Marxalenes is a working class neighborhood that offers the right amount of everything. It has a beautiful park that, although small, is designed wisely: an irrigation system with canals takes the water to every corner, the flora is only Mediterranean and there’re paths that allow you to go long distances without having to leave the park (I can certify this, since I’ve trained there the half marathon; but if you’re running for more than 30 minutes you’ll probably need to go to the Río seco for a greater space, big enough to train for Ironman, if your body lets you).
The park has other attractives: a cute library built in the place of an antique pool. Two curiosities about this library: when I came in for the first time, there were only a few books (it seems that Barberá spent all the budget transforming buildings into libraries, forgetting or not minding how useless is a library without books). The second curiosity is the schedule: it opens till 19:45, but the park closes at 18:00 in the winter. There’s no way to enter the library after 18:00. From that time on, I imagine that the librarians have a very relaxed work. What remains a mistery is how they go out: do they jump the gate or do they have a key to open the park? Maybe there’s a bed installed in that beautiful garden.
There’s also a train museum in the park: the “Trenet” museum. As a museum is not a big deal, but as a restaurant it’s a true bargain. The menu costs around 4 euros, they offer a special diet (low in fat and salt) and it’s totally adapted for people with reduced mobility, which is great for the pensioners who live nearby, and -if things get really bad in the future- good for me too: I could drag myselft into this bright train museum to eat a decent meal, probably not followed by the passionate love that brought me to Valencia but still very well accompanied by those numerous friends I have in the neighborhood.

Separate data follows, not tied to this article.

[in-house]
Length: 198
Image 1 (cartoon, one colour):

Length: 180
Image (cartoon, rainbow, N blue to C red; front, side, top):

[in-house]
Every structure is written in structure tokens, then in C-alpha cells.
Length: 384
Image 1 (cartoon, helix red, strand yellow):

But let’s not get ahead of ourselves… let’s enjoy what we have, what already exists, let’s enjoy good memories… In Marxalenes there’s a Nature Centre that includes a pond, a centre of activities for senior adults, and a pool with a gym and all the stuff.
I remember how much I laughed at my dear love because after passing 15 years without doing any sport, he was exhausted with a 25 meters swim. After a few months he was able to swim one kilometer in twenty minutes, but in the first days he looked purple as an eggplant, breathing fast in the border of the pool… giving nicknames to the rest of the swimmers; nicknames that I didn’t undestand because without my contact lenses I only saw amorphous masses…
Giving nicknames was one of our favorite hobbies: in the afternoon, after drawing and translating all day (respectively, each to their own), we went for a walk in the neighborhood, had a glass of wine, a pack of “Tosfrits” (it took us a while to quit this snack), and seated side by side we spent the time observing people and giving them nicknames… but not any random name, we had to make them rhyme: Fermín the Skin, Julieta Pesetas, the droll bald, the malefical alluvial…
There’s also place for entertainment in Marxalenes: a timeless pub called “El Califato”, where you feel submerged in the nineties until you realise there’s air conditioner, non smoking people and that the prices are similar to a disco in Ibiza. The pub plays a wide range from Extremoduro to Bonnie Tyler. The place is charming, earthy, without conflicts; it’s like the musical pub from the small town where you used to spend your summer vacations as a teenager… with dark corners and line to the women’s bathroom…
But there’s more: the nightlife offer fills all kind of expectations; one time, in the middle of a shocking story of heartbreak told by our friend David, we were looking for a place to continue chatting and we stumbled accross an unexpected place… a couples exchange club. Although that is another story, which can be read in the next issue of The Valencianer.
I said that my view on the neighborhood is probably distorted by my sweet memories… but Marxalenes is alive, pretty much alive. It’s a place that tastes real.
HISTORY OF A COVER
Four lords buildings meet in San Agustín Sq.
By Ibán Ramón